If your baby still does not fit snugly into the car seat, despite the positioning aids as well as the straps being set at their smallest setting, your physical therapist will need to show you how to supplement something else to make up for it. Do not try to come up with your own ways to help your baby fit in properly. Always follow the advice of your medical team to ensure your baby’s safety.
4. Placement in the Car
The middle of the back seat of your car is the ideal spot for you to place your car seat. Never place the car seat in the front seat, as the airbags are a serious danger to your baby. You should also always have an adult sit at the back with your child.
Is a Rear Facing Car Seat Safer for Infants?
Rear-facing car seats are the best option for your baby. This is because the chances of them retaining any type of severe head or neck injury are greatly reduced. Car seats, like seat belts, are designed to make sure that any force from an accident will spread over the body and reduce more serious injury to the vitals. If your baby is forward-facing, the head will get pulled forward if you even have to brake suddenly. This will end up putting a lot of stress on the child’s neck. When rear-facing, everything moves together and your baby is eventually protected by the shell of the car seat when it faces the rear. There will be no stress on your baby at all in this instance.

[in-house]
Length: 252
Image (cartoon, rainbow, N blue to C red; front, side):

Things to Do for making Preemies Breathe Easily in a Baby Car Seat
Some preemie babies may have a bit of trouble breathing at first. This makes it difficult for them to breathe well in the half-recline position that they are in when in a car seat. Here are a few ways in which you can help to ensure that your preemie does not have any trouble breathing when in the car seat:
1. Wait an Hour After Meals
This is very important, especially if your little one happens to have reflux. Waiting for one hour before getting in the car will allow your child time to digest the meal, and breathe easier as your baby will not feel the need to regurgitate.
2. Avoid Long Car Rides
This is extremely important during the first few months. Car rides should not go over an hour. The shorter they are, the better it is for your child. If the long trip is unavoidable, make sure you take breaks every 45 minutes.
3. Adult Supervision